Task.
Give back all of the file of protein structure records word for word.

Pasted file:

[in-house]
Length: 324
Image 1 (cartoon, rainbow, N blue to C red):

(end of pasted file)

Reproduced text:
[in-house]
Length: 324
Image 1 (cartoon, rainbow, N blue to C red):